We were looking forward to this dinner. We last ate here in October, just four weeks after opening. It was very good, although not glitch free. Since then, the restaurant featured in “Restaurant Wars” – a programme packed with as much fake tension as you could ever want, as both Manchester House and Simon Rogan’s “French at the Midland Hotel” established themselves in the city with the avowed intent of gaining a Michelin star. The publicity has done no harm whatsoever – place was packed and it takes weeks to get a Friday or Saturday table.
So, were there to be glitches? Were there to be disappointments? Well, no – not a one. There’s a greater clarity to the cuisine. It was bang-on cooking of things that just made sense together. As far as we were concerned, Aiden Byrne has absolutely nailed it.
There’s a tasting menu as you might expect but we decided to go for the main carte – we find a traditional three courser generally more to our taste these days. But they offer an interesting twist, in that you can “extend” the carte by buying in the first three starters on the tasting menu, before getting to “starter proper”. Oh, yes, we went for that, although swapping one of the taster dishes did mean two of the three were now soups.
And a third came in the amuse bouche. A clear onion soup, topped with a potato foam – clean, clear flavours and, alongside, a Parmesan brioche that was as light as the proverbial feather.
Next up, a bowl is put in front of you containing a little smoked mozzarella, basil, truffle and heritage tomato. A tomato consommé is poured over. They get techie with this - the tomatoes have been whizzed in a centrifuge to extract the liquid. It’s essence of tomato. It’s delicious. Then the replacement for our swap – a borlotti bean soup – creamy with a couple of beans. And finally, a rice crisp topped with slivers of sardine, a little micro salad, the occasional edible flower – the crisp was so, erm, crisp it was impossible to eat with knife & fork and just had to be picked up and nibbled at.
We both went with the same scallop starter. It comes, perhaps a little oddly, as two servings. On one plate, a roasted scallop presented on the shell, accompanied by a thin curl of cucumber. On the other, a chunk of deseeded and charred cucumber, topped with chopped scallop, prepped in a gravadlax style, accompanied by a cucumber sorbet that was one of the nicest things I’ve put in my mouth for quite a while.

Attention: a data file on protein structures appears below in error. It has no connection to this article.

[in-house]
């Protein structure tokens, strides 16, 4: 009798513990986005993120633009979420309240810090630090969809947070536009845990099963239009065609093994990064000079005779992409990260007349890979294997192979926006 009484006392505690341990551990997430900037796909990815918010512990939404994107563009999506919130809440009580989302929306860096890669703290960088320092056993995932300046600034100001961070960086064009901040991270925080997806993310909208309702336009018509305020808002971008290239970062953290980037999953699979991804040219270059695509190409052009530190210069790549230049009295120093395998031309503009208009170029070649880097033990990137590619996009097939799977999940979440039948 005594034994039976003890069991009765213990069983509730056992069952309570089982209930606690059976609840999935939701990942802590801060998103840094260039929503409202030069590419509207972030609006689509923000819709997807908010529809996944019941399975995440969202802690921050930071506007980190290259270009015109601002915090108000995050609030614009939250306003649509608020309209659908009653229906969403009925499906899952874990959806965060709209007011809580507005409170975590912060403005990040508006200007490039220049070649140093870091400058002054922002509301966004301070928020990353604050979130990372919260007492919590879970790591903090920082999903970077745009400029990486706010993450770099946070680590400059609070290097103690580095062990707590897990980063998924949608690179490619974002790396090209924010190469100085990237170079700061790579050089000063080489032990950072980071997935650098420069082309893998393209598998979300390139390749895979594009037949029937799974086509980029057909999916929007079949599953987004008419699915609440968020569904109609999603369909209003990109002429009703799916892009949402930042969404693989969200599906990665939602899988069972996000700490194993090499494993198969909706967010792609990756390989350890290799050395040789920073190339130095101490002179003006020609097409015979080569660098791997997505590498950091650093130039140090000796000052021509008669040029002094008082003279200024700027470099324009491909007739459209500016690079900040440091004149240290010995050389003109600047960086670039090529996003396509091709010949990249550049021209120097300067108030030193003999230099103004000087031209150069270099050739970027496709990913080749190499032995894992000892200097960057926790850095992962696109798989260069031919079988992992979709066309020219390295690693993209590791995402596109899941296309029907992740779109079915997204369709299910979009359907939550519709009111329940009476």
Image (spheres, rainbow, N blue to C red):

The Texel lamb main course brought a perfectly pink cutlet and some very flavoursome breast. It was a seemingly simple presentation, strewn with wild garlic and surrounded by a little jus (or gravy as we say in these parts). It takes skill to be this simple! And, anything but simple, was a “cannelloni” made from leek, rolled in something black (nope, I couldn’t identify it and forget to ask) and stuffed with chopped sweetbreads.
Beercan chicken brought an enormous breast and a little thigh. Good chicken with the cooking accurately judged, leaving it still very moist. It’s difficult to describe the accompanying macaroni. Lets call it a slab, with the individual pieces of pasta stuck together somehow and stuffed with onion puree. Clever. All very clever.
We then shared a cheese course. All seven in their prime and served without a hint of fridge coldness. A fig chutney was thick and rich and had another flavour in there – fennel perhaps. Olive sable biscuits to pile it on to. The cheeses – Kinderton Ash, Cornish Kern, Mrs Kirkham’s Lancashire, Tornegus, No. 5 Goddess, Blacksticks Blue and Mrs Bell’s Blue.
As our last visit, desserts were outstanding. One centred around a warm date sponge – lovely light texture, a mile away from the traditional sticky toffee pudding. It plays to the current fashion of incorporating vegetables into desserts with a parsnip pannacotta – sweet, but not overly sweet; spicy but not overly spicy and appropriately wobbly. There’s also bits and bobs of sweet, creamy, carroty,stuff on the plate. Chocolate cake was another bit of bang-on baking. There’s coffee (?) ice cream and shards of dark and white chocolate.
Service feels sharper, yet more relaxed, than last time. Certainly not as much up its own arse. It was a thoroughly enjoyable evening. And, truth be told, I’m going to be right disappointed if Aiden Byrne’s skill isn’t recognised by the Michelin inspectors in a few months. The cooking really is up there.